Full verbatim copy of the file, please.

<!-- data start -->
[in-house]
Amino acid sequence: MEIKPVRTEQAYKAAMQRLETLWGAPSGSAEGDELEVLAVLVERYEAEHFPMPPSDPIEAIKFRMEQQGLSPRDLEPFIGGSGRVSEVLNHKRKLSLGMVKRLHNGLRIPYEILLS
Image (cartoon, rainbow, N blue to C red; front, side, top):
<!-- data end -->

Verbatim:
[in-house]
Amino acid sequence: MEIKPVRTEQAYKAAMQRLETLWGAPSGSAEGDELEVLAVLVERYEAEHFPMPPSDPIEAIKFRMEQQGLSPRDLEPFIGGSGRVSEVLNHKRKLSLGMVKRLHNGLRIPYEILLS
Image (cartoon, rainbow, N blue to C red; front, side, top):